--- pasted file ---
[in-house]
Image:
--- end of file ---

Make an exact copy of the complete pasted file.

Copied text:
[in-house]
Image: